ELUCIDATING THE ROLE OF PRIMARY CILIA AS PUTATIVE TUMOR SUPPRESSORS IN THE PROSTATE AND BREAST
AdvisorMcDermott, Kimberly M.
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PublisherThe University of Arizona.
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EmbargoDissertation not available, per author's request.
AbstractProstate and breast cancer are among the most commonly diagnosed cancers and leading causes of cancer-related deaths in men and women worldwide. It is therefore evident that enhanced understanding of tumorigenesis is required to improve diagnostic tools, improve prognostics and identify novel therapeutic targets. The goal of this dissertation was to elucidate the role of primary cilia in prostate and breast cancer. Little is known about the role primary cilia may play in these cancers. Primary cilia are microtubule-based organelles which aid in sensing the extracellular environment and participate in signal transduction. Important developmental signaling pathways, such as Hedgehog (Hh) and Wnt signaling pathways, involve cilia. These pathways have also been implicated in prostate and breast cancer. In this work, we demonstrate that cilia are lost through prostate cancer progression. The few remaining cilia on prostate cancers appeared to be dysfunctional, as assessed by quantifying cilia lengths, an indirect measure of functionality. We also investigated a link between the observed cilia loss and canonical Wnt signaling in prostate cancers. Primary cilia have been determined to have a suppressive role in Wnt signaling, therefore we predicted loss of cilia to correlate with increased Wnt signaling. A link between cilia loss or shortened cilia and activated Wnt signaling was suggested in a subset of prostate cancers. Our lab has established that cilia are similarly lost in breast cancer. These data suggested the hypothesis that cilia may act as tumor suppressor organelles in the prostate and breast. To test this hypothesis, we knocked down cilia in an oncogenic mammary mouse model and assessed changes in tumor growth and characteristics. We observed enhanced tumor growth with cilia loss. The data supports the hypothesis that primary cilia may be playing a tumor suppressor role in the prostate and breast, and provides promising avenues for identifying novel therapeutic approaches for cancer patients.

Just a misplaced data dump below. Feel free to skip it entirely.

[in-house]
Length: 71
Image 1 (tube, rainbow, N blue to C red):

Degree ProgramGraduate College